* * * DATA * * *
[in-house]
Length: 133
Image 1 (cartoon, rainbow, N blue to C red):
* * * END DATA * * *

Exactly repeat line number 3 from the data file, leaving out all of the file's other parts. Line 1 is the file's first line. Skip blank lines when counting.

Image 1 (cartoon, rainbow, N blue to C red):